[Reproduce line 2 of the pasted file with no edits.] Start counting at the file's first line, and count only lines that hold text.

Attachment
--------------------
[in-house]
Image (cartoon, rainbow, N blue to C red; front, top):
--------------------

Image (cartoon, rainbow, N blue to C red; front, top):